The materials and styling were non-negotiable white stucco walls, red tile roofs, tile paving and Spanish neocolonial detailing, consistent with the look of the neighborhood. "It took about five years to complete," notes Field.
Why so long? "If you've never done a project in Santa Barbara, you wouldn't understand. We had meetings every two weeks for nearly three years to go over every single detail. Santa Barbara has a municipal law that says  has to be done in a Spanish style."
From Cadillacs to entertainment The firm had a much freer hand in an adaptive reuse of 1000 Van Ness Avenue - a national landmark built in 1921 as a Cadillac automobile showroom/service/storage building on a busy downtown San Francisco boulevard.
Field Paoli restored and transformed the 512,000 sq. ft. vacant relic into what could be called a lifestyle/entertainment building. They added 3,050 seats in 14 multiplex cinemas and a 425-car below grade parking on an adjoining lot.
"We like to think we're influencing the trend to strengthen existing shopping districts with urban infill projects, that we're moving the design agenda ahead by working with clients who have the same forward-thinking interest," Paoli says.
The firm is busily pursuing that design agenda on downtown retail projects designed to blend in with existing retail and business environments. Among them:
* A 334,000 sq. ft., 1,507-car mixed-use center with retail, restaurants and cinemas in downtown Pleasant Hill near San Francisco. A residential component will include 76 two-story two and three-bedroom townhouses with parking on the 27-acre site.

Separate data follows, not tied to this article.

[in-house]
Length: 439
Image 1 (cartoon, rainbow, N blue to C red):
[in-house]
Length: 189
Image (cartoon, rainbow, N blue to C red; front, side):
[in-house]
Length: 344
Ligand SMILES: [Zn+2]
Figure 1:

Paoli says the town had strip retail but no downtown focus, despite its significant growth. "We've designed a curved retail shopping street with a variety of architectural styles and materials, and a series of public spaces connecting to a new city hall designed by Charles Moore," he says. Retailers are moving in; the center will be fully open before the end of the year.
* Two retail levels (up to 10,000 sq. ft.) and rooftop terraced offices on a municipal-owned parking lot in the Beverly Hills central business district - a block from Rodeo Drive. It will continue as a parking lot, with underground spaces for about 400 cars, and the city will own and operate the whole project.
"The Beverly Hills council wants the project and its strong retail tenants to bring people to the area, and at the same time preserve its unique character," says Paoli. The council hopes some of the Rodeo Drive universe of shoppers might stray into the city-owned complex.
*is expected to start next year on The Woodlands Promenade on the Waterway, a 200,000 sq. ft. open-air village designed by Field Paoli with specialty retail, office, cinema, restaurants and promenades, in the Woodlands master-planned community near Houston, says Rob Acker, a development director with Madison Marquette, the developer.
Field Paoli doesn't overlook the universal craving among developer/owners to wring value out of every penny spent on construction. "We try to economize on what people don't see and spend money on what they do see, touch and feel," explains Paoli.
Field says he would like to see the industry trend toward revitalizing downtowns accelerated, with more density and mixed use, where a small shopping area becomes a neighborhood, with housing, shops, offices and parking.
"The growth inis enormous," says Field. "We'll have to look at building two stories, even four and five stories, which would still have the feeling of a San Francisco neighborhood and still be outdoors."